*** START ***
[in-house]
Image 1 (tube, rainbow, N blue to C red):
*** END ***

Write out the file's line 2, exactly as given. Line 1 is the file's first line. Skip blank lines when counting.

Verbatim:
Image 1 (tube, rainbow, N blue to C red):